Ray Bobbitt And AASEG Securing Oakland Coliseum ENA Great But There’s A Problem – Vlog
Ray Bobbitt And AASEG Securing Oakland Coliseum ENA Great But There’s A Problem
. A vlog by the YouTube channel named in the video’s upper left corner and serves as the original blog post for this content.
I congratulate Ray Bobbitt and the African American Sports and Entertainment Group, or AASEG. The AASEG represents the first black development organization to ever secure an exclusive negotiating agreement to build at the Oakland-Alameda County Coliseum Complex. That the reason the press conference event was held at the Oakland Coliseum on the second day of Black History Month 2023.
The gathering was a collection of Oakland Politicians including Oakland Mayor Sheng Thao, Oakland District 3 City Councilmember Carroll Fife, Oakland District 4 City Councilmember Janani Rachmanandran, Oakland District 5 City Councilmember Noel Gallo, Oakland District 6 City Councilmember Carroll Kevin Jenkins, and Oakland District 7 City Councilmember Treva Reid. Joining them were community legends like Oakland Post Publisher Paul Cobb, Community Organizer John Jones, former Oakland City Administrator Robert Bobb, and others.
But the main problem is the table should have been even bigger. It consisted of East Oakland black leaders, but only those folks who liked each other, and not black people needed to get the job done. And that’s what Ray Bobbitt has to avoid if he expects to achieve any success: the constant Oakland Crabbarrel Problem.
When I headed Oakland’s only bid to host a Super Bowl Game, in 1999-2000 for the 2005 Super Bowl, I single-handedly created the non-profit Oakland Alameda County Sports Commission, and got Federal approval for it in just four months, when then-Oakland City Attorney Jayne Williams and then-Coliseum Executive Director Denna McClaine told me it would take two years.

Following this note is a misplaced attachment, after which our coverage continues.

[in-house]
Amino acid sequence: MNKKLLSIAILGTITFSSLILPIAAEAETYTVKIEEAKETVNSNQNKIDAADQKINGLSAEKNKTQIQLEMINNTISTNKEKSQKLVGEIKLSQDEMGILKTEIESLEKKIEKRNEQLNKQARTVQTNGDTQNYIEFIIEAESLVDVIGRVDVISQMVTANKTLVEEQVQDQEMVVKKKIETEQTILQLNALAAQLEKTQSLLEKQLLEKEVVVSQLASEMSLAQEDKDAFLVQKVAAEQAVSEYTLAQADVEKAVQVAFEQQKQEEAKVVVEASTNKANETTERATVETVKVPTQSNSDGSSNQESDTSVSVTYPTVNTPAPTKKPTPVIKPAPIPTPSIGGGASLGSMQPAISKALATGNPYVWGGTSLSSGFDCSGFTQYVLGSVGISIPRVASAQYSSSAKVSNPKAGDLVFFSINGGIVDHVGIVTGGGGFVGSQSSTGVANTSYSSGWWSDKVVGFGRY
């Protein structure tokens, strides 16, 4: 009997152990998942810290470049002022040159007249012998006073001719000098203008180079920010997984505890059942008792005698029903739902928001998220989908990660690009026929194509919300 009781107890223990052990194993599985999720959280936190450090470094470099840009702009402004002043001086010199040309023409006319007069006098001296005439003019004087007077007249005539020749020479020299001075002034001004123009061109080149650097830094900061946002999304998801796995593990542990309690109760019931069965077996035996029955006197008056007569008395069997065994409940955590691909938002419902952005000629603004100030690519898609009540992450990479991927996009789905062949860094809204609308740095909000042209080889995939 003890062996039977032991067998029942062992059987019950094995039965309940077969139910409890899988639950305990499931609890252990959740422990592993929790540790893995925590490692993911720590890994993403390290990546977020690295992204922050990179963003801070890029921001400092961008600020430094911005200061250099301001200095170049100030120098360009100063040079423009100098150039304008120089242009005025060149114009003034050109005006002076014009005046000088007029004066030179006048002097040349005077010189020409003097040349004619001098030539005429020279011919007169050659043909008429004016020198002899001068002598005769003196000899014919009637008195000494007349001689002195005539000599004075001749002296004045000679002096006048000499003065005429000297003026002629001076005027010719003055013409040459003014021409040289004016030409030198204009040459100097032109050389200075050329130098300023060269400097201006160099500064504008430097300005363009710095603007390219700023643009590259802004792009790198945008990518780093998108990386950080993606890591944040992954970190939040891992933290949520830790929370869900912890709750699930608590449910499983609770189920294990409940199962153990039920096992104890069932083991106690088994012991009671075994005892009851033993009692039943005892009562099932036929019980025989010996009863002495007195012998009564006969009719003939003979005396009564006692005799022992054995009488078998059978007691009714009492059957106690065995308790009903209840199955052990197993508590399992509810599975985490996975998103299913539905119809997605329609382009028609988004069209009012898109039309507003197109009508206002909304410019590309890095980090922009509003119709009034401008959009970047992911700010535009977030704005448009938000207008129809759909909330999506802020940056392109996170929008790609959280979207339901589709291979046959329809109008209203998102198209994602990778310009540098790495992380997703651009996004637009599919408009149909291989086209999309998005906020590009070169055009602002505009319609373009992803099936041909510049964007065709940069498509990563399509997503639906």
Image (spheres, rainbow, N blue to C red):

I built a team of over 60, consisting of hotel general managers, sports marketers like my friend Beth Schnitzer, sports agents likem my friend Leigh Steiberg, and most important in Oakland, people who may have in some cases had issues with me, but for whom I found a need for. People like the late news entrepreneur Sanjiv Handa, to name a name formost amoung them. I gave Sanjiv, a City of Oakland watchdog, a watchdog role over the doings of our Oakland Alameda County Sports Commission. He performed very well at keeping me out of trouble. And that leads to my point: Ray Bobbitt already has a lot of people standing outside his tent and looking in it with anger.
Who’s the group? Folks like the older Oakland friend who worked for the City and knows everyone, who shockingly described the group as “a joke” because they didn’t “have any money”, when I asked for his opnion. I took that to mean he wasn’t consulted to help them. Big error.
And folks like me, who has helped Ray, but was frozen out of asking questions at the event. The idea was that press was supposed to be able to ask questions on ZOOM, but the only ZOOM question that was read was one that focused on community involvement, yet never actually was written by anyone who was in the ZOOM chat. I know, I was there.
But there’s an effort among some Oakland politicians to recognize The Oakland Post as the only “black media” and ignore Zennie62Media, thereby forming another wedge, or trying to. I had my hand up to ask a question on ZOOM, yet a representative of Sandra Varner, the African American PR person who put together the press conference, did not call on me or anyone else. That included a reporter from KQED who asked openly on chat “Can anyone explain what the purpose of this press conference is?” as Ray Bobbitt was the director of something more out of church than a true press event. I texted that it was the announcement of the “first ENA every given to a black developer for the Oakland Coliseum.” He said “thanks.”
And then there was the constant question “where’s the Oakland A’s?” There was no one. Not even a representative of any Oakland A’s fan group. No one. Even if Dave Kaval wasn’t there, Ray and Company certainly should have had fan groups there. They’re part of the community Ray will have to work with, too.
Bringing people in, and circiling the wagons, and then doing it more. That’s what the AASEG has to do, and at the same time, creating a certain and doable project. From what Ray Robbitt presented today, it’s already an uphill battle.
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